Around 500 people remembered Holocaust and genocide victims in an inspiring event at Middlesex University on Sunday.
The Holocaust Memorial, organised by Barnet Council, was held to remember the more than six million Jewish people killed during the Second World War.
It was staged a day before the 75th anniversary of the liberation of the Auschwitz-Birkenau concentration camp, where more than one million Jewish people were killed.
Victims of other atrocities including the Bosnian war were also in the thoughts of the hundreds of people who packed out the Quad to listen to guest speakers and music groups.
"We are now so grateful that we live in a country where we live with our Jewish pride, we celebrate our important days in our calendar and we live side by side with people of all faiths and beliefs." Rachel Landau, Vice-President of the Jewish Society.
The MDX memorial, which had the theme “Stand Together”, was particularly poignant as the borough of Barnet has the UK's largest Jewish population with around 54,000 residents according to the 2011 Census.
One Middlesex University staff member, who has Jewish heritage, described it as a “powerful” memorial which moved some people in the audience to tears.
Rachel Landau, (pictured below) a second year MDX undergraduate student, who is Vice-President of the Jewish Society, gave a heartfelt speech recalling how her family were forced to flee Germany to England.
She said: “My great grandfather was in synagogue praying on a Friday night when the Nazis came in to the synagogue and beat him up.
“My grandfather witnessed this frightening event.
“My great grandfather realised that that it was no longer safe for him and his family to remain in Berlin.
“In 1939 my grandfather, aged 15, his brother, aged 8 and together with their parents were fortunate enough to escape to London shortly before the 2nd World War started.
"Sadly, most of my grandfather’s relatives perished in the Holocaust."
She concluded: “We are privileged to be here in the present and we look forward to even better things in the future.
“Whilst in the past there were periods of history where we had to hide our beliefs and protect ourselves from persecution, we are now so grateful that we live in a country where we live with our Jewish pride, we celebrate our important days in our calendar and we live side by side with people of all faiths and beliefs.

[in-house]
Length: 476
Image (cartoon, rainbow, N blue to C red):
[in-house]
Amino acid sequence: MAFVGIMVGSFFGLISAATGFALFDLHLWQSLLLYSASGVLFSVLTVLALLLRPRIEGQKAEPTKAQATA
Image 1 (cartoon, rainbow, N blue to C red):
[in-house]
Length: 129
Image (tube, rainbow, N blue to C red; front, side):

“As a Jewish Society, integrated within British Society, we have so much to achieve and share. On this note, I would like to pay tribute and express my deep appreciation to Middlesex University, to Barnet Council and to all those who contribute in making the society that we live in, so unique.”
Guest speakers were Cllr Stock, the Mayor of Barnet, Holocaust survivor Ivan Shaw, Councillor Daniel Thomas, the Leader of the Council, Multi Faith Youth Forum members, pupils from Finchley Catholic School - who talked about lessons from Auschwitz - Mustafa Field, Director of Faith Forum London, Bosnian War survivor Tajana Goldberg, Rabbi Miriam Berger, Rabbi Mark Goldsmith and Revd Bernd Koschland.
The event featured music from the Barnet Band, the London Cantorial Singers, the Alyth Youth Choir and the Youth Music Centre.
James Kennedy, Interim Vice-Chancellor of Middlesex University who also spoke at the memorial, said: “We are also here to ensure that we do not forget, this is something that we owe to the future.
“In remembering, we remind our world of the need for dialogue, for respecting difference, for championing inclusion, for creating a shared sense of belonging, and for shared understanding.
"These are the foundations for humanity.
“At Middlesex we believe that celebrating and learning from diversity is not only a strength but a critical part of being a strong and caring society.”